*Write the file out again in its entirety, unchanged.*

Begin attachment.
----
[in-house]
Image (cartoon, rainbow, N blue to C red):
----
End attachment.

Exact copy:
[in-house]
Image (cartoon, rainbow, N blue to C red):